United Kingdom prohibits the use of microplastics

The United Kingdom has taken an important step in the fight against the contamination of marine ecosystems by prohibiting the use of toxic microplastics in the production of cosmetics and personal care products.

The measure, which entered into force in January of this year, will be completed with a ban on the marketing of these products from next July.

The microplastics in cosmetics The world throws eight million tons a year, Most plastics in the seas are in the depth

These plastic microparticles, less than five millimeters in diameter, are used in the production of products such as exfoliating creams, shower gels and toothpastes.

Many tons of them end up in the seas, where they cause damage to fauna and flora, and even reach, ultimately, to be ingested by human beings.

Recent studies have revealed that 269,000 tons of plastic waste currently float in the oceans. Large pieces can be as small as small ones and small ones are ingested by fish and scale throughout the food chain to humans.

This is dangerous, due to the chemical elements that the plastics contain, as well as the contaminating particles that attract when they are already floating in the marine ecosystem. Microplastics are a small, although significant, part of the global problem, and the activists who are found are the easiest to prevent.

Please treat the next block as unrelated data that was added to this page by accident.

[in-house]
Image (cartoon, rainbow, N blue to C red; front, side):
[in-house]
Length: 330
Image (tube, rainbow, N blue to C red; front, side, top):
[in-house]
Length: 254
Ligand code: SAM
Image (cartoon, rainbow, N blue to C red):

“The countries and oceans of the world are among our most valuable natural assets and I am determined to act now to combat the plastic that devastates our marine life,” said Secretary of State for the Environment, Thérèse Coffey. “The microplastics are totally unnecessary, when there are alternative natural alternatives available, and I am delighted that, from today, the manufacturers of cosmetics are not using these harmful materials to their products”.

“We are confident that this measure marks the dawn of a new era in the fight for cleaner and healthier oceans, with the United Kingdom leading the way and supporting other countries to ensure plastic, stops reaching our oceans,” he said. declared Dilyana Mihaylova, of the NGO Fauna & Flora Internacional.

Ecuador is offering an alternative that is being a success in some countries, this alternative is tagua microbeads, an organic, vegetable and natural material

By | 2018-03-05T22:10:11+00:00 marzo 5th, 2018|Uncategorized|